Aside from the witty dialogue and great pacing, this script has some great visual storytelling (like when Gil wordlessly decides not to show the picture to Marcia) and some awesome exposition hiding... we know the house is 2 miles from the nearest neighbor because of a line about having to walk down to warn them if Liz plans on screaming again. The big chunk of exposition that comes with the Legend Of Bellman House, is a great little ghost story with twists and thrills... so you don’t notice it’s exposition... it’s a campfire story. Great writing, acting, direction...

The creepy thing about this episode is that after watching it, you start seeing things in *your* mirrors... or maybe it’s just my imagination?

Bill

Buy The DVD!

Wednesday, September 08, 2021

Film Courage Plus: Remake Mistakes!

FILM COURAGE did a series of interviews with me, around 36 (or more) segments total. That's almost a year's worth of material! So why not add a new craft article and make it a weekly blog entry? All I have to do is write that new article, right?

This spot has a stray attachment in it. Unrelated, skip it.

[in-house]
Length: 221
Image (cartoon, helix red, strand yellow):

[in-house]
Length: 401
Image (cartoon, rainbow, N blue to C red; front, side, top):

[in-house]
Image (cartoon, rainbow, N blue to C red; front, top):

Hollywood loves remakes and reboots and sequels and adaptations. As a screenwriter, you probably hate this because you have written a bunch of great original screenplays and just want to see *your* stories on screen. You poured your heart and soul into these original screenplays, but Hollywood is remaking some Adam Sandler movie starring some new kid from Saturday Night Live, or is making FAST & FURIOUS 12 or adapting a trashy novel written by a book agent under a pseudonym or remaking a Stephen King novel for the third time or has decided it’s time to reboot IRON MAN or make THE MASK 3 with both Jim Carrey and Eric Stoltz (or to reboot that joke so that people in their 30s understand it). They only buy around 100 original screenplays a year, and only make a fraction of those! How is a screenwriter supposed to make a living if they keep making all of these remakes and sequels and adaptations?

Well, somebody still has to write those.

And that somebody might be you.